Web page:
With both fencers in the on-guard position, the match is ready to begin. The distance between them is such that one fencer could almost, but not quite, touch the other with a full lunge forward. The object of a fencing bout is to close that distance just enough to be able to hit your opponent—without getting hit yourself.
The lunge and the recovery
The lunge is the classic method of attempting the touch. It has two distinct motions. First is the straightening of the right arm, thrusting it forward directly from the shoulder toward the target. Under the rules of competitive fencing this is recognized as a formal threat to the target area of the opponent, thus giving the "right of way" to attack.
The second motion is the actual lunge, which is designed to move the foil tip as quickly as possible to the target. It is accomplished by snapping the body forward with a fast extension of the rear leg. The rear foot remains flat on the floor, while the front foot skims forward until the rear leg has been fully extended. The left arm is straightened and brought down to a position just above the extended rear leg (see above). With practice the two motions, extension of the foil arm and lunge, become one coordinated movement. Recovery is accomplished by a hard push with the right foot, simultaneously bending the left knee. This returns the fencer to the on-guard position, where he is again safely out of reach.
This is part of the continuous back-and-forth footwork in fencing. The footwork is simple (see below). Its object is to lure your opponent within reach at a crucial moment, while staying out of reach yourself.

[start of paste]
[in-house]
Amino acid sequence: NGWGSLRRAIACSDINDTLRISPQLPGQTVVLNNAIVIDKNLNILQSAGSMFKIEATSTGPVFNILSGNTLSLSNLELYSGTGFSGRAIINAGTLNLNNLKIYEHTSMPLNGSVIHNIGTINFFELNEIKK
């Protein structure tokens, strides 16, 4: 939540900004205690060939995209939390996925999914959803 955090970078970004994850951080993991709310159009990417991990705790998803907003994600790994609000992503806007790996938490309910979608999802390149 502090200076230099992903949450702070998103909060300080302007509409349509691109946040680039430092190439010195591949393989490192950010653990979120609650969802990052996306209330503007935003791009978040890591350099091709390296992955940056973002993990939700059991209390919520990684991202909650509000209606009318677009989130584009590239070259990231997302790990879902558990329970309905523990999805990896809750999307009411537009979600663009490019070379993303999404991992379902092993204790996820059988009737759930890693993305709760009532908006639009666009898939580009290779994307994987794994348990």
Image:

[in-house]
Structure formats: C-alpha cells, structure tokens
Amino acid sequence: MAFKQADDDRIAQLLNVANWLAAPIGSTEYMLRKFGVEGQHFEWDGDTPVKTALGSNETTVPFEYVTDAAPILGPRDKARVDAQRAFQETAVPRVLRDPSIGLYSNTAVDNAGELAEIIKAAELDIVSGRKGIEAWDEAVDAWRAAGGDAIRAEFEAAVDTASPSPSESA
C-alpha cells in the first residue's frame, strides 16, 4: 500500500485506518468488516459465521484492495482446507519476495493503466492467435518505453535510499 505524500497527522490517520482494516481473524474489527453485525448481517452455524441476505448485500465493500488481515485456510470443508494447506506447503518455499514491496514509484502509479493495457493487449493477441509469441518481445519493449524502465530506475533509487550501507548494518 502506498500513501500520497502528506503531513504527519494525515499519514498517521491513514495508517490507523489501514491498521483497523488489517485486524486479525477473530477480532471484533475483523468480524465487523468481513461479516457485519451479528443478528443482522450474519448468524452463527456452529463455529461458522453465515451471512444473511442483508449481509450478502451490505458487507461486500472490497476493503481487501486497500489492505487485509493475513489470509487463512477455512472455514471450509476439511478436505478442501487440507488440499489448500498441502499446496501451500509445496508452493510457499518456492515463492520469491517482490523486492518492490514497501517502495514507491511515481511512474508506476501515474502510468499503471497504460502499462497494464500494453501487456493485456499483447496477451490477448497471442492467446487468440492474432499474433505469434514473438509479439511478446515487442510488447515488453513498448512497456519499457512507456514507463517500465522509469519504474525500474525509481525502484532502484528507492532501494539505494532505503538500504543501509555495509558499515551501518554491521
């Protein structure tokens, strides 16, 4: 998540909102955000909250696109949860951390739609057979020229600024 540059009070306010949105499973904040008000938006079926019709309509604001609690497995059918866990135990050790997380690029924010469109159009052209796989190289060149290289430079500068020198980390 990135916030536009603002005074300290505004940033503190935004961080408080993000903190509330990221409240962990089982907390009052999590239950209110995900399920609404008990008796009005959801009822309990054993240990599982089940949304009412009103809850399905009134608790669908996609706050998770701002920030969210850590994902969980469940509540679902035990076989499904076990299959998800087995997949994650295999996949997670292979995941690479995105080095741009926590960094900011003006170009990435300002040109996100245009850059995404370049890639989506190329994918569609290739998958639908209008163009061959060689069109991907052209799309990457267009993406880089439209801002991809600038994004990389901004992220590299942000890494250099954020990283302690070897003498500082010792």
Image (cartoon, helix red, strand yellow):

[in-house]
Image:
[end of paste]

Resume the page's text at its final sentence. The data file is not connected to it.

The basic attacking movements
After practicing the footwork and lunge—a full-length mirror can be a great help with this—a novice is ready to try the basic attacks.
The simplest of these is the straight thrust. This is nothing but a long stab at an unprotected area. The least effective form of attack, it involves no deception, so it must be very fast. Even then it is easily parried.
Slightly more complicated is the disengage. In this the attacker moves his foil from one side of the defender's blade to the other by passing the point under the opponent's wrist. It works best against a defender who has put considerable pressure on the attacker's foil while trying to push it aside. The attacker relaxes suddenly under the pressure, describes a U with his foil tip and comes up on the unprotected side.
The double disengage is a one-two punch. The attacker fakes a disengage, the defender parries hard against that threat, and before his victim can recover the attacker dips his foil tip back to the side he started from.